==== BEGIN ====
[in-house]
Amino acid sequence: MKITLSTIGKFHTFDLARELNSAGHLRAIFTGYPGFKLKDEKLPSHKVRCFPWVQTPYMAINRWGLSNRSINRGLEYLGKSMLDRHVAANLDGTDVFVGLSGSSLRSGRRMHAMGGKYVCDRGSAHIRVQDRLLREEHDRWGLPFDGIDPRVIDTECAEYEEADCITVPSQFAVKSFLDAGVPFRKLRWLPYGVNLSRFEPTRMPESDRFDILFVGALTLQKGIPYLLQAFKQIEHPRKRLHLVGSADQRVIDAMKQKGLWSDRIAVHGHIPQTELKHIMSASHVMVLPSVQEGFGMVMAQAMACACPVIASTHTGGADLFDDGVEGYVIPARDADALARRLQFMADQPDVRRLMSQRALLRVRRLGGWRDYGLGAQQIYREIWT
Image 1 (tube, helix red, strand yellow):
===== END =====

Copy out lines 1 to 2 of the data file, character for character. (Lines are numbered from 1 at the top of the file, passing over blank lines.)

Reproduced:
[in-house]
Amino acid sequence: MKITLSTIGKFHTFDLARELNSAGHLRAIFTGYPGFKLKDEKLPSHKVRCFPWVQTPYMAINRWGLSNRSINRGLEYLGKSMLDRHVAANLDGTDVFVGLSGSSLRSGRRMHAMGGKYVCDRGSAHIRVQDRLLREEHDRWGLPFDGIDPRVIDTECAEYEEADCITVPSQFAVKSFLDAGVPFRKLRWLPYGVNLSRFEPTRMPESDRFDILFVGALTLQKGIPYLLQAFKQIEHPRKRLHLVGSADQRVIDAMKQKGLWSDRIAVHGHIPQTELKHIMSASHVMVLPSVQEGFGMVMAQAMACACPVIASTHTGGADLFDDGVEGYVIPARDADALARRLQFMADQPDVRRLMSQRALLRVRRLGGWRDYGLGAQQIYREIWT